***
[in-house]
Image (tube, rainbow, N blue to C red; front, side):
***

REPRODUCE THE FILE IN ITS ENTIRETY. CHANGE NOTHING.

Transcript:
[in-house]
Image (tube, rainbow, N blue to C red; front, side):